Electronic Commerce Law
The Internet is a world wide public access network of computers. It has no owner, though of course each of the individual pieces of hardware on which it runs has an owner. It relies for its operation on mutual comprehensibility between those various pieces of hardware. This is achieved by voluntary adherence to a single protocol- to use a human metaphor, the various machines all speak the same language. The use of the internet for buying and selling, which is simply known as e-commerce is gaining its place in the commercial market. Many believe the Internet to be full of natural anarchy, so that a system of law and regulation for the Internet seems contradictory.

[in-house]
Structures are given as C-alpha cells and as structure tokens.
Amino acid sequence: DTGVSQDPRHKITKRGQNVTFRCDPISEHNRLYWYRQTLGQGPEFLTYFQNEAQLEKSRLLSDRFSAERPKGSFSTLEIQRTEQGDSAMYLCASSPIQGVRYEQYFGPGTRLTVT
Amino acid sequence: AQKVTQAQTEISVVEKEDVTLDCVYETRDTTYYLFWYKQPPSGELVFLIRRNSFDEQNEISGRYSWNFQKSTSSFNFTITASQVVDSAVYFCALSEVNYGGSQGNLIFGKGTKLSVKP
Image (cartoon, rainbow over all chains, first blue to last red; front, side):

However, cyberspace is, in fact, governed by a system of law and regulation called internet law. There is no single exhaustive definition of the term internet law. One broadly accepted definition of Internet law is a generic term that refers to all the legal and regulatory aspects of Internet and the World Wide Web. Anything concerned with or related to or emanating from any legal aspects or issues concerning any activity of people in cyberspace comes within the domain of internet law. The first use of the term cyberspace was in 1984 by author William Gibson in his science fiction novel Neuromancer. It described the virtual world of computers. Today, cyberspace is how most people describe the world of the Internet. Though far from the immersive virtual reality of the fictional version, and often regarded as an overused buzzword, cyberspace has become synonymous with the Internet. However, cyberspace is not the World Wide Web alone. Internet Law has been an achievement of promoting a new perspective on law in general. While at its beginnings Internet Law was suspiciously regarded as yet another example of law as a barrier to growth, it became clear very soon that technological changes (i.e. the sum of technical, economic, social and political change or - equally potent - the expectation of such changes) were creating anxieties and uncertainties, if only conceptual ones, so that in order to achieve acceptance trust had to be created and maintained, and the best way to do this was to use law as an infrastructural tool to master change. Such an approach was particularly important for the European Union; having defined itself primarily as a "community of law" it could prove its ability to act when challenged and it could do so by what it knew best: by passing regulations.